The fact that we did not find any single genetic variant or set of genetic variants readily capable of distingui-shing severe- and SSTI associated CA-MRSA isolates speaks to the complexity of MRSA pathogenicity and underscores the need for more sophisticated ways to identify disease-causing CA-MRSA strains via genomic screens. While we focused our analysis to only a small number of CA-MRSA isolates displaying distinct clinical phenotypes, we are optimistic that surveying a large number of isolates (including CA-MRSA asymptomatic carrier- and MSSA-assocaited isolates) in the future will provide the power to detect evolutionary pressures at the single gene level. Of course there are two genomes at play during an infection and, as a result, a greater understanding of human genetic variation is also pivotal for the complete picture of how genetic architecture influences our interaction with microbial pathogens. It is also important to recognize that numerous non-genetic influences for virulence exist; as such to effectively investigate the genetics of pathogenicity it is critical to properly select the cases as to mitigate such effects of predisposition.
Technological advances and continued decreases in the cost of sequencing are allowing the whole genome reconstruction of large collections of pathogens. These data sets offer valuable insight into the clonal population structure as well clues into the evolutionary pressures applied to the pathogen and will provide a foundation for the use of whole genome sequencing in a clinical setting. In the future, the genomic identity of individual isolates may be increasingly compared to global pathogen databases allowing the rapid identification of strains likely to cause severe disease, possess drug-resistance, and additional traits of critical utility to inform clinical decisions.
For the five year period from January 1, 2003 to December 31, 2007, we identified two sets of children infected by CA-MRSA: (1) those with severe infections and (2) those with SSTI. Severe infections were defined as those causing invasive, potentially life-threatening clinical disease, including: complicated pneumonia (necrosis, empyema, or lung abscess); endocarditis (defined as persistent bacteremia with echocardiographic findings); deep tissue invasive abscess (mediastial, perinephric); osteoarticular infection; and pyomyositis (Additional file 1: Table S2). SSTI were defined as soft-tissue abscesses not associated with severe disease (as above) but requiring incision and drainage.To populate these two study groups, sterile-site (blood, bone, joint fluid, tracheal aspirate, pleural fluid, invasive abscess, soft-tissue abscess) MRSA isolates obtained from individual, healthy children aged 0–18 years were included. Non-sterile site (e.g. nasopharynx, stool) and polymicrobial infections were excluded. Isolates obtained from children with chronic diseases or immunocompromised states (diabetes, cystic fibrosis, neoplasm, etc.), from vascular catheters or catheter-sites and nosocomial isolates (onset after hospital admission) were also excluded.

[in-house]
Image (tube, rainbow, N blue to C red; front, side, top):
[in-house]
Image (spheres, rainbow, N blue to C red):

Demographic and clinical data
Clinical and laboratory data for all patients were collected on a standardized data collection form including: age; gender; self-identified ethnicity; infection site; length of stay (including pediatric intensive care unit stay); inpatient and discharge antibiotic treatment regimen and duration; outcome; and long-term sequelae (Additional file 1: Table S1).
Frozen MRSA specimens were thawed and inoculated onto blood-agar plates with two rounds of subculturing to ensure optimal growth. Colonies were then transferred into enriched brain/heart infusion broth media. DNA extraction was performed using a with DNeasy blood and tissue kits with lysostaphin replacing lysozyme during the initial lysis. (Qiagen, Germantown, MD).
Illumina sequencing and preparation
For each of the 36 samples Illumina library preperation started with 5 ug of extracted DNA quantified by 260/280 (nanodrop). The standard Illumina protocol was followed through using reagents from New England Biosciences with the following exceptions: samples were sheared by either nebulization or adaptive focused acoustics (Covaris), sequencing adaptors added after a-tailing contained an addition 4 bp nucleotide barcode on the 3’ end allowing for the multiplexing of up to 4 samples per lane. After library preparation paired-end sequencing was performed for 40 cycles on each read and images were processed using Illumina pipeline 1.4. Data for each isolate can be accessed at http://sites.google.com/site/ryantewhey/home/data.